The Altar Switch

by | Jun 17, 2024 | Marriage, Marriage Prep, Prayer, Society, Spirituality

Marrying someone while thinking they’ll change doesn’t work—there’s no altar switch.

There is no such thing as an “altar switch!”  Ah, summer. No doubt all of us have a wedding on our calendar this season. Maybe your own, for some of you! Usually we go to weddings, see couples at their happiest, then go back to our lives without a second thought. There’s nothing wrong with that. We should be focusing on the couple’s new marriage and happiness. But if you’re about to get married, there’s something you should know.

You and your spouse will still be the same people.

Have you heard someone say, or worse said it yourself, “it’ll be fine when we’re married!” Whether it’s communicating, sleeping habits, procrastinating, cleaning abilities, I can almost guarantee it will not just “be fine.” Marriage changes us. It binds us stronger than anything else. Marriage clings us to our spouse. But it doesn’t fix us.

The harsh reality is, there is no altar switch. Wedding vows and nuptial blessings are not magic. The priest does not wave a magic hand over us and make us perfect spouses. We’re still going to be bad at communicating our plans. One of us will still have different cleaning needs than the other. Someone will still be the saver while the other is the spender. If you enter marriage with different expectations for when you have children, get ready. I promise that will get a lot worse.

The only “altar switch” in marriage is that everything is amplified. Every problem feels bigger. All conflicts feel worse. Remember, you’re binding yourself in a way you’ve never experienced before. Even if you’ve already engaged in the marital act, you’re committing your lives to each other for the first time. There’s no more backing out. That’s a wonderful thing. But it can also be terrifying.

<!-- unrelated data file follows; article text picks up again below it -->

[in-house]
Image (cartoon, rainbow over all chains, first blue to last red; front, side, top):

You and your spouse both need to become better.

You are both going to lose some autonomy in marriage. You’ll have to rely on each other, trust each other, grow with each other. Expecting your spouse, or yourself, to change overnight like a switch is dangerous and unrealistic. Marriage requires a lot of patience and a lot of grace. Eventually, the electric feelings of new marriage will simmer down to normal life. It takes time, but habits get easier to handle. Don’t marry someone expecting them to change. And, don’t get married thinking you’ll change. Understand each other’s strengths and weaknesses, and be willing to grow together.

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Michelle C. Martin

Michelle graduated from Texas Tech University with her husband, Joshua, in May 2021 and married him in June on the Solemnity of the Sacred Heart of Jesus. She has a degree in Communication Studies and has loved growing in knowledge of healthy and authentic relationships during her time in college and adulthood. Michelle and Joshua currently reside in Lubbock, TX where he works as an architect and she loves life as a stay-at-home wife and mother to their children, Peter and Cecilia.

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